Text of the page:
Scientists say cholesterol-lowering drugs called statins may protect against the development of lung cancer. In a study appearing this month in the journal Chest, researchers report that statin use of six or more months was associated with a 55 percent reduction in risk for lung cancer. Risk dropped for all age groups—regardless of race, smoking status or body-mass index. The study is significant because it involved a very large group. Researchers from Louisana State University and the Overton Brooks V.A. Medical Center in Shreveport, La., studied more than 480,000 patients enrolled in the Veterans Administration Health Care System over a six-year period. Lung cancer is the most lethal form of the disease in the United States.
But what is it about statins that could be inhibiting cancer development? The lead author of the study, Dr. Vikas Khurana, an associate professor at Temple University Hospital in Philadelphia, explains: "Oncoproteins, which are the proteins that transform cells into cancer, need a kind of lipid to attach to cells. One of the byproducts of cholesterol production is that piece of fat which attaches the oncoproteins to the cells. If the statins block that fat, then there's no cancer." For now this is just a hypothesis, says Khurana, but he adds that the theory is supported by animal models and cell cultures.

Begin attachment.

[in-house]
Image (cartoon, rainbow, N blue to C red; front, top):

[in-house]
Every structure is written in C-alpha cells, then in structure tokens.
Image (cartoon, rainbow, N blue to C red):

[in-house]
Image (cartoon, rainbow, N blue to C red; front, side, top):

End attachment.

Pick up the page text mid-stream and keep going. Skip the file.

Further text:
Despite the encouraging news, researchers are not yet suggesting that doctors prescribe drugs like Lipitor as a cancer preventative. "Before we say 'OK, statins are going to reduce lung cancer,' we have to be sure there's not some other factor related to the statin use that's contributing to the reduction," says Khurana. The Louisana study was observational—scientists looked at what happened to those who took statins. They didn't select the subjects. And most of the patients were men. "What we need is a randomized, double-blind, placebo-controlled study to eliminate other factors before we recommend statins."